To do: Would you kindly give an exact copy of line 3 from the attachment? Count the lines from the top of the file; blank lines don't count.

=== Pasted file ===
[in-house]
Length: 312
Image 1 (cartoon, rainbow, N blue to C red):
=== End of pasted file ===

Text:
Image 1 (cartoon, rainbow, N blue to C red):